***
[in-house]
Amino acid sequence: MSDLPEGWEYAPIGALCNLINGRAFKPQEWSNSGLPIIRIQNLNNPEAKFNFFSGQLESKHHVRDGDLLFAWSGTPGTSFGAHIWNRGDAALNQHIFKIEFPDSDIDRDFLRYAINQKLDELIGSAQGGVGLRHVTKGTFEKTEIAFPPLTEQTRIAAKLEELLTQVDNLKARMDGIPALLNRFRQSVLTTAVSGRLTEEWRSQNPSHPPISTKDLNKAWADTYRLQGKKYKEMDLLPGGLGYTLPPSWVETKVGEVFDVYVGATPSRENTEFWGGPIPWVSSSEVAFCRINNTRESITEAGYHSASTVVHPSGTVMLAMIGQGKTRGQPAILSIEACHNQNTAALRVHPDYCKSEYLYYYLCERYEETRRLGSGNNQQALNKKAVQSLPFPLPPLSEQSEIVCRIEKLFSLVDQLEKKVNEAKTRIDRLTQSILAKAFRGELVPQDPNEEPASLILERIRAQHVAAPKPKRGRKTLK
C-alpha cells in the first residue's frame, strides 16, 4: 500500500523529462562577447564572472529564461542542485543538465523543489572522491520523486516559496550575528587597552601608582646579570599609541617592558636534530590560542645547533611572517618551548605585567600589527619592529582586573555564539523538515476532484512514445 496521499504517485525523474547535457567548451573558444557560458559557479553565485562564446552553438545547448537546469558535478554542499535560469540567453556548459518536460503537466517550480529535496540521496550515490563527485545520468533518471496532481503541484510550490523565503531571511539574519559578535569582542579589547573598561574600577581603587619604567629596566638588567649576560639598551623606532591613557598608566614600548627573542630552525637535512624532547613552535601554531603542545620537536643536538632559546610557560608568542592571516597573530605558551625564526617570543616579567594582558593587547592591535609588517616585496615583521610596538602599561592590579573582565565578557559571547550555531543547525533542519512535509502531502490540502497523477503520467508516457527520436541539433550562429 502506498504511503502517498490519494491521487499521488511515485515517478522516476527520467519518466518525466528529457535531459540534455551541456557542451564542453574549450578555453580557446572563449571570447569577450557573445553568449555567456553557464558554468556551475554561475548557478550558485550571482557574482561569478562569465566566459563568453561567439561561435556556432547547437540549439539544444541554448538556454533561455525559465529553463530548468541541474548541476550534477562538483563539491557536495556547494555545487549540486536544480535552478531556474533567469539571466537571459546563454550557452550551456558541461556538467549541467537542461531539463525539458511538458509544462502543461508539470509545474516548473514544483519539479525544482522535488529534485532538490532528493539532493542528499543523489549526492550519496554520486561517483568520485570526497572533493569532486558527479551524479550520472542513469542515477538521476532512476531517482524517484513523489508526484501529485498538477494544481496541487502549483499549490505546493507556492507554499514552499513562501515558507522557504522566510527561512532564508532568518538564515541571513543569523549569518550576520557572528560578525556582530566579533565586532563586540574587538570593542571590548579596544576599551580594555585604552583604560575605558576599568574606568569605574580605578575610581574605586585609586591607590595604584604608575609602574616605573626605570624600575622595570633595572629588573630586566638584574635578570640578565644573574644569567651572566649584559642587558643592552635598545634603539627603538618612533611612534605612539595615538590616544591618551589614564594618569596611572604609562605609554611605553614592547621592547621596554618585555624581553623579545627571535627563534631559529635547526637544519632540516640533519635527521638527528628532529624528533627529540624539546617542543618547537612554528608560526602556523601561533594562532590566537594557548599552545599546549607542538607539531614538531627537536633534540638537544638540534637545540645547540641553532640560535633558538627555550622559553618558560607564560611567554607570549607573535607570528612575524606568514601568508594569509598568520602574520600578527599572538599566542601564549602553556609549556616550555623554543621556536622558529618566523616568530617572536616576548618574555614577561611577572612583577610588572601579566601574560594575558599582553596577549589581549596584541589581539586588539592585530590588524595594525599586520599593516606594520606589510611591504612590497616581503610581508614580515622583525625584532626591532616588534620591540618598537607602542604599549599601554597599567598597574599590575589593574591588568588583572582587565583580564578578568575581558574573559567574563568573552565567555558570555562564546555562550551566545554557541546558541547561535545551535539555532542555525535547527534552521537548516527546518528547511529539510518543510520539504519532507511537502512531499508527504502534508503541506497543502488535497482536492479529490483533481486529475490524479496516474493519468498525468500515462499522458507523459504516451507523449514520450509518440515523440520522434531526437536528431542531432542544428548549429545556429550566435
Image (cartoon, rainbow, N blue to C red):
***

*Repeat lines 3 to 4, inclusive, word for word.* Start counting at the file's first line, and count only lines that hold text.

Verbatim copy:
C-alpha cells in the first residue's frame, strides 16, 4: 500500500523529462562577447564572472529564461542542485543538465523543489572522491520523486516559496550575528587597552601608582646579570599609541617592558636534530590560542645547533611572517618551548605585567600589527619592529582586573555564539523538515476532484512514445 496521499504517485525523474547535457567548451573558444557560458559557479553565485562564446552553438545547448537546469558535478554542499535560469540567453556548459518536460503537466517550480529535496540521496550515490563527485545520468533518471496532481503541484510550490523565503531571511539574519559578535569582542579589547573598561574600577581603587619604567629596566638588567649576560639598551623606532591613557598608566614600548627573542630552525637535512624532547613552535601554531603542545620537536643536538632559546610557560608568542592571516597573530605558551625564526617570543616579567594582558593587547592591535609588517616585496615583521610596538602599561592590579573582565565578557559571547550555531543547525533542519512535509502531502490540502497523477503520467508516457527520436541539433550562429 502506498504511503502517498490519494491521487499521488511515485515517478522516476527520467519518466518525466528529457535531459540534455551541456557542451564542453574549450578555453580557446572563449571570447569577450557573445553568449555567456553557464558554468556551475554561475548557478550558485550571482557574482561569478562569465566566459563568453561567439561561435556556432547547437540549439539544444541554448538556454533561455525559465529553463530548468541541474548541476550534477562538483563539491557536495556547494555545487549540486536544480535552478531556474533567469539571466537571459546563454550557452550551456558541461556538467549541467537542461531539463525539458511538458509544462502543461508539470509545474516548473514544483519539479525544482522535488529534485532538490532528493539532493542528499543523489549526492550519496554520486561517483568520485570526497572533493569532486558527479551524479550520472542513469542515477538521476532512476531517482524517484513523489508526484501529485498538477494544481496541487502549483499549490505546493507556492507554499514552499513562501515558507522557504522566510527561512532564508532568518538564515541571513543569523549569518550576520557572528560578525556582530566579533565586532563586540574587538570593542571590548579596544576599551580594555585604552583604560575605558576599568574606568569605574580605578575610581574605586585609586591607590595604584604608575609602574616605573626605570624600575622595570633595572629588573630586566638584574635578570640578565644573574644569567651572566649584559642587558643592552635598545634603539627603538618612533611612534605612539595615538590616544591618551589614564594618569596611572604609562605609554611605553614592547621592547621596554618585555624581553623579545627571535627563534631559529635547526637544519632540516640533519635527521638527528628532529624528533627529540624539546617542543618547537612554528608560526602556523601561533594562532590566537594557548599552545599546549607542538607539531614538531627537536633534540638537544638540534637545540645547540641553532640560535633558538627555550622559553618558560607564560611567554607570549607573535607570528612575524606568514601568508594569509598568520602574520600578527599572538599566542601564549602553556609549556616550555623554543621556536622558529618566523616568530617572536616576548618574555614577561611577572612583577610588572601579566601574560594575558599582553596577549589581549596584541589581539586588539592585530590588524595594525599586520599593516606594520606589510611591504612590497616581503610581508614580515622583525625584532626591532616588534620591540618598537607602542604599549599601554597599567598597574599590575589593574591588568588583572582587565583580564578578568575581558574573559567574563568573552565567555558570555562564546555562550551566545554557541546558541547561535545551535539555532542555525535547527534552521537548516527546518528547511529539510518543510520539504519532507511537502512531499508527504502534508503541506497543502488535497482536492479529490483533481486529475490524479496516474493519468498525468500515462499522458507523459504516451507523449514520450509518440515523440520522434531526437536528431542531432542544428548549429545556429550566435
Image (cartoon, rainbow, N blue to C red):